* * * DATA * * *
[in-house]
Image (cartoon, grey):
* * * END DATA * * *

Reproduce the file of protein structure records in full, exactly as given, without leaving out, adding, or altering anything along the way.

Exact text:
[in-house]
Image (cartoon, grey):